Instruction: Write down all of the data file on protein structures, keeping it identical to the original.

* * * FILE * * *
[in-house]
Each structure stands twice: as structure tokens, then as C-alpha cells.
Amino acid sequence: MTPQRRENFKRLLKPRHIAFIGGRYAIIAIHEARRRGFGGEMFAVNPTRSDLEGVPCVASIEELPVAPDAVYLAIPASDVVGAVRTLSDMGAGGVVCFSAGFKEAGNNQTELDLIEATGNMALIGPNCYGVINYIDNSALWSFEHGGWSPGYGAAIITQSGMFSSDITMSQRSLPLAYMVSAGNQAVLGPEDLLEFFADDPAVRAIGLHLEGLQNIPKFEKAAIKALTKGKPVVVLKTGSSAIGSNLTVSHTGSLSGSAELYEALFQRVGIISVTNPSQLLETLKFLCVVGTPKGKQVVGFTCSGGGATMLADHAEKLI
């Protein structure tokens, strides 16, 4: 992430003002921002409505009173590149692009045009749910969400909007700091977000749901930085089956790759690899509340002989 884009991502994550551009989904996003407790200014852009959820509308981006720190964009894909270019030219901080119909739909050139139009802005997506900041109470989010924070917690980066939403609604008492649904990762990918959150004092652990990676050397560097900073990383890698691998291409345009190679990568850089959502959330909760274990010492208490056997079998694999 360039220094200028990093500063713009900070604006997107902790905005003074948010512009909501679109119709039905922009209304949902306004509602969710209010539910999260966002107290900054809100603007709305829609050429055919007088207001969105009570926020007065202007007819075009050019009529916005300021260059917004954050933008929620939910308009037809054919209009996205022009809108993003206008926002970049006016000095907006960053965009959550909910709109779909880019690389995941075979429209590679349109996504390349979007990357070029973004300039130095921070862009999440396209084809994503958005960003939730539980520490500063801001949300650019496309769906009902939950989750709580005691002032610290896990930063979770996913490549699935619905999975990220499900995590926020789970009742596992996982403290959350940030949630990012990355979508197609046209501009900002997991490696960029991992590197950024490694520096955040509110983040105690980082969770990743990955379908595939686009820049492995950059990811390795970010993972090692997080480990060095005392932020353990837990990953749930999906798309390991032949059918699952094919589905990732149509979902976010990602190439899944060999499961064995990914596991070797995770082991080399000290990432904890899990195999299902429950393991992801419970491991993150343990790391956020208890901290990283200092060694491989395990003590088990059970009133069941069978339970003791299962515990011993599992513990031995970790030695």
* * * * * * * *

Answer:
[in-house]
Each structure stands twice: as structure tokens, then as C-alpha cells.
Amino acid sequence: MTPQRRENFKRLLKPRHIAFIGGRYAIIAIHEARRRGFGGEMFAVNPTRSDLEGVPCVASIEELPVAPDAVYLAIPASDVVGAVRTLSDMGAGGVVCFSAGFKEAGNNQTELDLIEATGNMALIGPNCYGVINYIDNSALWSFEHGGWSPGYGAAIITQSGMFSSDITMSQRSLPLAYMVSAGNQAVLGPEDLLEFFADDPAVRAIGLHLEGLQNIPKFEKAAIKALTKGKPVVVLKTGSSAIGSNLTVSHTGSLSGSAELYEALFQRVGIISVTNPSQLLETLKFLCVVGTPKGKQVVGFTCSGGGATMLADHAEKLI
């Protein structure tokens, strides 16, 4: 992430003002921002409505009173590149692009045009749910969400909007700091977000749901930085089956790759690899509340002989 884009991502994550551009989904996003407790200014852009959820509308981006720190964009894909270019030219901080119909739909050139139009802005997506900041109470989010924070917690980066939403609604008492649904990762990918959150004092652990990676050397560097900073990383890698691998291409345009190679990568850089959502959330909760274990010492208490056997079998694999 360039220094200028990093500063713009900070604006997107902790905005003074948010512009909501679109119709039905922009209304949902306004509602969710209010539910999260966002107290900054809100603007709305829609050429055919007088207001969105009570926020007065202007007819075009050019009529916005300021260059917004954050933008929620939910308009037809054919209009996205022009809108993003206008926002970049006016000095907006960053965009959550909910709109779909880019690389995941075979429209590679349109996504390349979007990357070029973004300039130095921070862009999440396209084809994503958005960003939730539980520490500063801001949300650019496309769906009902939950989750709580005691002032610290896990930063979770996913490549699935619905999975990220499900995590926020789970009742596992996982403290959350940030949630990012990355979508197609046209501009900002997991490696960029991992590197950024490694520096955040509110983040105690980082969770990743990955379908595939686009820049492995950059990811390795970010993972090692997080480990060095005392932020353990837990990953749930999906798309390991032949059918699952094919589905990732149509979902976010990602190439899944060999499961064995990914596991070797995770082991080399000290990432904890899990195999299902429950393991992801419970491991993150343990790391956020208890901290990283200092060694491989395990003590088990059970009133069941069978339970003791299962515990011993599992513990031995970790030695």